Hitler’s Furies: German Women in the Nazi Killing Fields
By Wendy Lower
New York: Houghton Mifflin Harcourt, 2013, 288 pp., $26.00, hardcover
Reviewed by Elizabeth Heineman
Really, it shouldn’t surprise us to learn that German women were among the killers in the Holocaust. In any society that includes lethal violence, women perform some portion of that violence: much less of it than men, but some. Most of that violence occurs in “private” settings; historical and literary representations, too, tend to focus on the intersections of women’s intimate worlds and their acts of violence. But women also participate in larger systems of violent domination such as racial and colonial privilege. It’s a testament to the power of stereotypes of women’s nonviolence and subordination that we can imagine that women might be entirely absent from the ranks of killers in such systems.
For this reason, Wendy Lower’s new book is both welcome and necessary. Feminist historians began exploring women’s contributions to the crimes of Nazi Germany more than a generation ago, and compilations such as Alison Owings’s Frauen: German Women Recall the Third Reich (1995) have enabled a nonacademic English-reading audience to ponder the range of German women’s responses to the regime. (The English-language scholarship on women in Nazi Germany is too vast to summarize here. The books that initiated the conversation were Women in Nazi Society, by Jill Stephenson ; When Biology Became Destiny: Women in Weimar and Nazi Germany, edited by Renate Bridenthal, Atina Grossmann, and Marion Kaplan ; and Mothers in the Fatherland: Women, the Family, and Nazi Politics, by Claudia Koonz  ). Lower takes this literature a step further by embedding sustained discussion of women’s murderous acts in this larger history.
Statistics, Lower acknowledges, don’t tell us all we wish to know—though at least they disabuse us of any notion that only a handful of women participated in the German occupation of Eastern Europe, a fact already expertly explored by historian Elizabeth Harvey, in Women and the Nazi East: Agents and Witnesses of Germanization (2003). At least half a million German women served in occupied lands, in institutions as varied as the army, the Red Cross, social service agencies, and schools. Some 30,000 were certified for employment with policing agencies such as the SS and the Gestapo. Ten thousand worked as secretaries in the civil administration of the occupied East. Thirty-five hundred were concentration camp guards. The women in question came from the ranks of the racially privileged and politically and socially conformist, though committed Nazis were the exception rather than the rule. Lower focuses on the occupied East, where the most murderous activity occurred, but secretaries in occupied Western Europe also compiled lists of Jews to be deported, and nurses who remained in Germany proper administered lethal injections to victims of the “euthanasia” program.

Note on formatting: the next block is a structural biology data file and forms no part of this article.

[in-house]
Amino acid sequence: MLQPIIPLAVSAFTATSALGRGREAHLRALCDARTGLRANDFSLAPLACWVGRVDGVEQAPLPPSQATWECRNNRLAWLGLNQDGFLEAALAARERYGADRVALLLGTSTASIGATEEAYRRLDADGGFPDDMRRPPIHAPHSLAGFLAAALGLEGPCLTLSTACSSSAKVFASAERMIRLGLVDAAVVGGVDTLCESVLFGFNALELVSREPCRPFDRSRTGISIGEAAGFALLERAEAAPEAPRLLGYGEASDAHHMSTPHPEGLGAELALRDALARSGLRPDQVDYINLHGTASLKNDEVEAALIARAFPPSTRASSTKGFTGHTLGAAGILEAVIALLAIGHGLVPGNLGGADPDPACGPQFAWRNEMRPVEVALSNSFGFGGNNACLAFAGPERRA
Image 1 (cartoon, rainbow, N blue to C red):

In considering women’s relationship to the crimes of the regime, Lower organizes them into witnesses, accomplices, and perpetrators. (At least some of the witnesses—those whom Lower most admires—might have slipped into the ranks of the victims had their surprisingly frank letters home been discovered by the authorities.) Allowing for the fact that victims are not the subject of her study, Lower’s schema differs from the more common, though contested, one of victims-bystanders-perpetrators in Holocaust studies: in essence, she expands the two categories of bystander and perpetrator into three. For Lower, “perpetrator” means those who killed with their own hands: there are no “desktop killers.” By this definition, much of the Nazi leadership, probably including Hitler himself, would not have qualified. But no woman in Nazi Germany was in a position to orchestrate murder on a massive scale without “getting her hands dirty” in this literal sense. Women who issued death sentences on a smaller scale—secretaries, for example, who decided which of the hundred remaining Jews in a village would go on a list of fifty slated for execution the next day—fall into Lower’s category of “accomplice.” So do women who accepted or actively sought out plundered goods, as well as wives of SS men who accompanied their husbands to killing sites.